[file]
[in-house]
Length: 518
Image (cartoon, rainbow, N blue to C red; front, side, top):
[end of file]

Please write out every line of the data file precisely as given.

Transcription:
[in-house]
Length: 518
Image (cartoon, rainbow, N blue to C red; front, side, top):